When Chicago Tribune editorial board member Kristen McQueary wished in an op-ed last month for a new Hurricane Katrina to wipe the corruption slate clean in Chicago, all hell rightfully broke lose. She was responding to comments shared by New Orleans mayor Mitch Landrieu during a recent media tour framing the post-Katrina Big Easy as a less corrupt, more fiscally responsible city and as many have opined in the past few weeks, she didn’t choose her words with much care.
There’s nothing new to add to the debate about the woeful fitness of her choice of metaphor. But if anything, the equally woeful fitness of her attempt to dig herself out of the moral hole of her comments proves the reason for the most important piece of crisis-control advice anyone can ever give: apologize early, and often, and mean it.
The original title, “In Chicago, wishing for a Hurricane Katrina,” was quickly changed to “Chicago, New Orleans, and Rebirth,” but not before Huffington Post cached the original, in which McQueary wishes for “a real storm.” That became a wish for a “figurative storm” in the sanitized version, but in both versions she claimed to be able to relate to “the residents of New Orleans climbing onto their rooftops and begging for help and waving their arms and lurching toward rescue helicopters.”
Of course, ten years ago last month Katrina also killed more than 1,800 people, destroyed entire neighborhoods, eliminated livelihoods, and forever changed The Big Easy and its nationally significant cultural integrity. Observers from Chicago, New Orleans, and eventually from across the country and around the world, took to the Internet to call for McQueary’s head. (See: Times-Picayune; Washington Post; Al Jazeera America; The Independent.)
Locally, Gapers Block called McQueary’s column racist, while the Chicago Reader’s Michael Miner stoked controversy further by claiming that McQueary deserved better from her readers—twice. The Chicago Chapter of the National Association of Black Journalists (NABJ) demanded McQueary’s suspension and a public apology from Tribune Editorial Page editor Bruce Dold. Mayor Rahm Emanuel called the column “morally reprehensible.”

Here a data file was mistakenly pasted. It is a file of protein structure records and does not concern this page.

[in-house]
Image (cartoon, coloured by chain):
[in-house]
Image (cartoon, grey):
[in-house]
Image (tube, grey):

But the only public response from McQueary or her masthead was a dismissive tweet on her personal Twitter account (“If you read the piece, it’s about finances and government. I would never diminish the tragedy of thousands of lives lost”), and a long-winded follow-up column in which she managed to criticize everyone hurt by her words (“I am horrified and sickened at how that column was read to mean I would be gunning for actual death and destruction”), but never actually gets around to apologizing for them.
To my mind, an op-ed in Crain’s Chicago Business from Huffington Post and Beachwood Reporter contributor Matt Farmer entitled “Here’s the apology Kristen McQueary should have written” got far closer to the point than McQueary chose to. Farmer’s suggested apology has an alternate-universe McQueary actually acknowledging the level of the pain her words caused, owning her lack of judgment and poor choice of metaphor, apologizing for both, and asking for forgiveness.
Had she done that—immediately or at all—she would have engendered goodwill and helped to halt what, in the vacuum of any real message of contrition, quickly became a global PR nightmare for her world-famous newspaper. Instead, she choose to lecture to her readers and her critics about how they should have differently interpreted her meaning. It’s the same position staked by the Reader’s Miner, who wrote in his follow-up column:
”The level of meaning that concerns me is the one she thought she was writing at. She’s accountable for what she says at that level too, and she deserves readers who meet her there.”
Except she doesn’t. No journalist does. In fact, McQueary is and should be held accountable for how she came across, period. Her job as a journalist is to come across clearly so that her readers get her meaning and, as a result, understand the news that she’s trying to communicate. If she has to explain at length what she meant, then she was sloppy in her writing in the first place.
It’s not the job of her readers to meet her halfway and magically assume what she meant. Neither she nor any other journalist “deserves” their readers, much less deserves to receive that kind of credit from them. There aren’t any points for “meaning well” in journalism. All you have are your words, and it’s your job to use them wisely at all times. (That should be especially true for a Chicago Tribune editorial board member, shouldn’t it?)
And when you screw up, own it. Because beyond causing unnecessary pain and discord, defending bad journalism cheapens journalism. And that’s a sorry line to cross for all the world to see.